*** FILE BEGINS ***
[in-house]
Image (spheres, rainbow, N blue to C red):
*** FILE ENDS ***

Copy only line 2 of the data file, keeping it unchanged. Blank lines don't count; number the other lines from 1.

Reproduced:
Image (spheres, rainbow, N blue to C red):